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Knowing our MooTools version
This recipe is an introduction to the different MooTools versions and how to be sure we are coding in the right version.
Not all are equal nor are backwards compatible!
The biggest switch in compatibility came between MooTools 1.1 and MooTools 1.2. This minor version change caused clamor in the community given the rather major changes included. In our experience, we find that 1.2 and 1.3 MooTool scripts play well together while 1.0 and 1.1 scripts tend to be agreeable as well. However, Moo’s popularity spiked with version 1.1, and well-used scripts written with 1.0, like MooTabs, were upgraded to 1.1 when released. The exact note in Google Libraries for the version difference between 1.1 and 1.2 reads:
Since 1.1 versions are not compatible with 1.2 versions, specifying version “1” will map to the latest 1.1 version (currently 1.1.2).
MooTools 1.1.1 has inline comments, which cause the uncompressed version to be about 180% larger than version 1.2.5 and 130% larger than the 1.3.0 release. When compressed, with YUI compression, 1.1 and 1.2 weigh in at about 65K while 1.3.0 with the CSS3 selectors is a modest 85K. In the code snippets, the compressed versions are denoted with a c.js file ending.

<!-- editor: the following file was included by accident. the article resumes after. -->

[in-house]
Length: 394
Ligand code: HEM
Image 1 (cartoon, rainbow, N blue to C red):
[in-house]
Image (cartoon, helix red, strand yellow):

Two great additions in 1.3.0 that account for most of the difference in size from 1.2.5 are Slick.Parser and Slick.Finder. We may not need CSS3 parsing; so we may download the MooTools Core with only the particular class or classes we need. Browse http://mootools.net/core/ and pick and choose the classes needed for the project. We should note that the best practice is to download all modules during development and pare down to what is needed when taking an application into production.
When we are more concerned with functionality than we are with performance and have routines that require backwards compatibility with MooTools 1.1, we can download the 1.2.5 version with the 1.1 classes from the MooTools download page at http://mootools.net/download. The latest MooTools version as of authoring is 1.3.0. All scripts within this cookbook are built and tested using MooTools version 1.3.0 as hosted by Google Libraries.
How to do it…